Saturday, 25 August 2012

Continued Lessons in Gratitude

Sitting on a grimy if fairly comfortable bus, about to embark on my third night of travel since Sunday (which on planes and buses for me means pretty much no sleep), I’m finding it hard to summon the gratitude that inspired the title for this post when I first arrived in India on Monday.

My books travel in far greater style than I do, thanks to the Tibetan tailor in McLeod Ganj.

But just let me re-read that sentence.

Yes!  I am back in India!  How did that happen?

Thanks to the Arts Council of Wales, that’s how, who miraculously awarded me a training grant at the beginning of this year to spend three months in Kerala training in kalari (remember that? If not, here’s a reminder: Kerala, Kalari, Love) and learning Sanskrit. But I’m not quite there yet.

It’s been quite a lead-up to this new prong of the trident, what with a couple of months of pub work to save some money for this trip, which came to an abrupt end when they didn’t like me breaking my toe, revisiting La Blanche (first performed in India, appropriately enough) and making a piece with some children in Milford Haven last June (with broken toe) and then heading straight to London for ten intense days investigating Nancy Stark Smith’s Underscore with her and thirty or so other dancers and a couple of musicians.  There was just enough time for the toe (which only got jumped on once in ten full days of dancing) to recover and it was off to Chester for a week, for the British Aikido Federation’s summer school.  There I got to do a solo of sorts all over again, as I was the only person grading at my (very baby) level and I had a whole mat to myself (with my very helpful uke, the person who had the pleasure many might envy of attacking me).   

grading solo/duet

It’s slightly odd, having the audience effectively at the back of you, grading panel to the front, but I rather enjoyed the conundrum and taught a couple of yoga classes to boot.  A very nice woman who passed her third dan (a sort of black belt grade) told me it was thanks to my yoga class before her grading.  I’m rather sceptical, but am thinking of putting it on my next flyer:  yoga = black belt, and so bypass the 20 years or so training to get there (or perhaps not).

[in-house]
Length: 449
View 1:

But right now I’m on a bus heading down the mountain from McLeod Ganj to Manali.  The monsoon, which hasn’t let up much since I arrived early Tuesday morning, hit hard this afternoon, turning the streets into rivers.  I found the drive down the mountain hairy enough in the dry season in November 2009; the thought of it is quite terrifying in the monsoon.  So far the rumoured landslides seem to live in the land of rumour and the rain has let up somewhat.  You’ll know I survived this leg of the journey if I get to an internet connection to post this, no matter how sheer the drops off the black roads.  But the bus is rattling and turning too much for me to write anymore, and it’s probably time for one of my failsafe homeopathic travel pills.

I shall be chanting all the way down the mountain.  Om namah Shivaya.

3 Hours Later:

Well the road wasn’t so terrifying in the end, because a landslide emerged from rumour and completely blocked it down from McLeod Ganj to Dharmasala (apparently there’s about 10km and 1000m in altitude between the two, which gives an idea of the steepness of the winding roads).  The bus sat there for about an hour and a half, while the driver slept and turned all the lights out, I went for a wee in the ditch in the rain and the nice Spanish girl in the seat next to me held my torch for me and smoked her cigarette, and the Israelis on the bus lived up to their stereotype by smoking on board and talking loudly and brashly.  In the end, the bus turned round and I am back in my room in McLeod Ganj, having phoned Reeky, my guesthouse manager, who really has been extremely helpful, even if I did decline his offer to share his beer tonight.  As I was here for two and a half days, I'd paid for three, so don’t have any extra to pay for my unexpected extra night, and also convinced him to give the nice Spanish girl (Marta) a room at the same price I’d talked him down to.  So despite the inevitable wobbly (I’m not very comfortable changing plans at short notice; I’ve long been aware of this), India is still looking after me.  And the bus is due to leave again at 7:30 in the morning, so I should be able to enjoy the view this time, and get a bit of sleep tonight (though probably not that much).